Well, that is often the issue with Age gaps even with Doctors. Sometimes the ones who are really in touch and more knowledgeable with a persons Health situation are more the ones to lean on for sure. I know many times it can be interesting from one doctor to the next, and what you really can count on and believe in, but have hope that one of these days it will all work out for the Best.
@writersedge (22579)
• United States
10 May 12
I keep thinking there has to be some kind of purpose in all this.
@GardenGerty (95546)
• Marion, Kansas
3 May 12
Nothing comes to me right off the top of my head.I would have got the bucket, probably. My love seat is not a couch. I can identify with the hematoma comment, though. I often wonder if Mueslix is the same as granola though.
@writersedge (22579)
• United States
4 May 12
Yes, Mueslix I believe is another word for granola in yet another language.
@writersedge (22579)
• United States
4 May 12
that depends on the love seat. If it looks like a smaller couch, it is to me, but if it doesn't resemble one, I can see your point. My husband is going to make an Adirondack Love Seat and that won't be a couch.
1 person likes this
@JohnRok1 (2051)
4 May 12
There is actually a difference between granola and muesli and at least one firm in my country markets both. Granola is baked, whereas muesli is uncooked. Also honey is an essential component of granola, but not of muesli.
1 person likes this
• United States
3 May 12
Yes, I hate the double entrada when it comes to medical terms. Like hematoma...its a bruise. Why couldn't you just say bruise? Hemotoma sounds so much worse. It can also cause lots of confusion between you and doctors when you have picked up some medical terms along the way, but not others. I remember telling one doctor that I was on the B.R.A.T. diet...which is bananas, rice, applesauce, and toast for tummy's that are having a hard time working properly. He was at first accusatory to me saying 'how do you know that term?!' like I was a stalker in the medical book or something. lol. I said, I took Psych 101...that is in there under health..I am not an idiot. lol.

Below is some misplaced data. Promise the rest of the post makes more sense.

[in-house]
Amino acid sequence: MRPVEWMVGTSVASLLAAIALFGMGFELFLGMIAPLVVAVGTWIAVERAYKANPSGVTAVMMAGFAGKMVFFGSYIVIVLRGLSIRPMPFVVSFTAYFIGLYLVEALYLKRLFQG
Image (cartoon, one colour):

@writersedge (22579)
• United States
3 May 12
It's in the newspaper, B. R. A. T. diet under the Dr's column. Does he think he's cornered the market in knowing things? Geesh! Yes, the first time someone told me I had a large hematoma, I thought I had something horrible!. Coma, carcenoma, etc. None of those are good and they rhymn with it, you know?
• United States
3 May 12
Yeah I ended up leaving this dr. after he claimed that I just need to find a nice boy, get pregnant, and everything would balance out right in my body and I would get the attention I needed. WOW. Almost 3 years later...I still am not diagnosed....but they most assurdely have dr.s that know I am not wanting attention, or a balance of hormones from pregnancy...geez is right.
@writersedge (22579)
• United States
4 May 12
Wow! That's like the Social Worker I threw out of my house because she told me to get pregnant so I could fit the poverty guidelines to get a new roof for the trailer I was living in. Or the Dr. that told me to take up knitting when I got hurt in Martial Arts. Just a dislocated toe and a pulled hamstring.
@allknowing (60260)
• India
3 May 12
I had this problem when my physiotherapist was with me guiding me. 'Now you can go prone', 'Now supine please'He always used 'sophisticated' terms for everything else too. Could he not have just said lie down with your face up or your face down. Or lie down on your back or whatever. So simple for lay people like me!. But I did learn these expressions and I now use them when I guide others!. I feel sophisticated! No doubt your topic is about 'the rose by any other name' but you had a difficult time with that surgery?
@writersedge (22579)
• United States
4 May 12
Which surgery? I've had so many.
@writersedge (22579)
• United States
4 May 12
Oh the neobladder, no, I was unconcious for the surgery. It's supposed to take 7 to 9 hours so it went fine. Had it been longer, there would have been complications. Coming back from it was difficult. Took almost the entire 9 1/2 days that they gave me to come back from it. But I didn't need a home nurse.